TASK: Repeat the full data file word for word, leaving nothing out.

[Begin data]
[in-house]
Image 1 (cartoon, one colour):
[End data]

[in-house]
Image 1 (cartoon, one colour):